Third patrol, October 1944 – January 1945

On Pintado's third war patrol, Lt. Comdr. Clarey commanded a wolfpack which included Atule and Jallao. The group departed Pearl Harbor 9 October heading for the South China Sea. Meanwhile, General Douglas MacArthur was preparing to return to the Philippines. When his troops landed on Leyte 20 October, the Japanese Navy struck back with all its force in a "go for broke" attempt to smash the invasion. The result was the Battle for Leyte Gulf. As the Americans turned back the Japanese offensive, Clarey's submarines sped toward Luzon Strait to attack the Northern Japanese Force which Admiral William Halsey's Third Fleet had engaged off Cape Engaño. On the night of 25 October, Jallao made radar contact with bomb-damaged light cruiser Tama fleeing from Halsey. Pintado closed the scene with Jallao but held her fire while her sister submarine attacked, ready to join in if needed. Jallao launched seven torpedoes, and Tama broke up and went to the bottom, the last cruiser to go down in the Battle off Cape Engaño. A bonus came on 3 November when Pintado's periscope revealed "the largest enemy ship we have ever seen", apparently an oiler in the support group for the Japanese carriers. Clarey fired six bow torpedoes at the huge target, but enemy destroyer Akikaze crossed their path before they could reach their target. The destroyer disintegrated in a tremendous explosion which provided an effective smoke screen protecting the original target until the two remaining Japanese escorts forced the submarine to dive and withdraw to escape exploding depth charges.

Pintado joined Halibut on 14 November and escorted the damaged submarine to Saipan, arriving Tanapag Harbor five days later. After a week in port, she resumed her war patrol south of Takao. On the night of 12 December – 13 December, she sank two enemy landing craft, Transport No. 12 and Transport No. 104, and claimed she had sunk a third, Transport No. 106, but apparently missed.[7] Two days later she headed for Australia and arrived Brisbane on New Year's Day 1945. She won the Presidential Unit Citation for extraordinary skill and heroism on her first three war patrols.

Fourth–sixth patrols, January – August 1945

The veteran submarine departed Brisbane 27 January but found no targets as she patrolled the Singapore-Saigon shipping lanes. Throughout the patrol, she played hide and go seek with Japanese aircraft and, on 20 February, barely escaped when a plane appeared from the clouds and dropped two depth charges which jarred the submarine. She made temporary repairs and continued to patrol until returning to Fremantle 30 March. Pintado sailed to Pearl Harbor before getting underway 1 June for her fifth war patrol on lifeguard station for bomber raids on Tokyo. On 26 June, just south of Honshū, a smoking B-29 bomber, the City of Galveston, crossed her bow at about 2,000 feet (600 m), dropped a dozen parachutes, crashed into the sea and exploded. In less than an hour the submarine had rescued the entire crew which she took to Guam, arriving Apra Harbor a fortnight later. Color Footage of that video can be found at Denver's 9 news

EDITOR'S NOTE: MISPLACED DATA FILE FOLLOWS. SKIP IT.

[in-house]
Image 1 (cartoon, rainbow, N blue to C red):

The submarine departed Guam 7 August for her sixth and last war patrol, and took station off Tokyo Bay until hearing that hostilities had ended on 15 August. She returned to Pearl Harbor on 25 August and reached San Francisco 5 September. She remained there until decommissioning 6 March 1946.


While in the Pacific Reserve Fleet, Pintado was reclassified AGSS-387 on 1 December 1962. She was struck from the Naval Vessel Register 1 March 1967 and sold for scrapping to Zidell Explorations, Inc., Portland, Oregon, 20 January 1969.

During the war, Pintado was credited with sinking 13 ships of 98,600 tons, and damaging two additional vessels, one a 28,000 ton aircraft carrier to score a total of 34,300 tons. Postwar, this was reduced to eight ships for 42,963 tons by JANAC.[8]

Her conning tower is on display at the National Museum of the Pacific War in Fredericksburg, Texas.


  1. 1.0 1.1 1.2 1.3 1.4 1.5 1.6 Friedman, Norman (1995). U.S. Submarines Through 1945: An Illustrated Design History. Annapolis, Maryland: United States Naval Institute. pp. 285–304. ISBN 1-55750-263-3. 
  2. 2.0 2.1 2.2 2.3 2.4 2.5 Bauer, K. Jack; Roberts, Stephen S. (1991). Register of Ships of the U.S. Navy, 1775-1990: Major Combatants. Westport, Connecticut: Greenwood Press. pp. 275–280. ISBN 0-313-26202-0. 
  3. 3.0 3.1 3.2 3.3 3.4 Bauer, K. Jack; Roberts, Stephen S. (1991). Register of Ships of the U.S. Navy, 1775–1990: Major Combatants. Westport, Connecticut: Greenwood Press. pp. 275–280. ISBN 978-0-313-26202-9. 
  4. U.S. Submarines Through 1945 pp. 261–263
  5. 5.0 5.1 5.2 U.S. Submarines Through 1945 pp. 305–311
  6. 6.0 6.1 6.2 6.3 6.4 6.5 U.S. Submarines Through 1945 pp. 305-311
  7. Transport No. 106 continued on towards Manila and was sunk on 15 December 1944 by planes from TF 38 (See: Cressman, Robert (2000). "Chapter VI: 1944". The official chronology of the U.S. Navy in World War II. Annapolis, Maryland: Naval Institute Press. ISBN 978-1-55750-149-3. OCLC 41977179. Retrieved 2007-12-13. )
  8. Blair, Clay, Jr. Silent Victory (New York: Bantam, 1976), pp.950, 953, & 960.